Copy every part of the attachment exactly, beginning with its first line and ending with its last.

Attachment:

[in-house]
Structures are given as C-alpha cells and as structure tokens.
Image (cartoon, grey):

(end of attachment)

[in-house]
Structures are given as C-alpha cells and as structure tokens.
Image (cartoon, grey):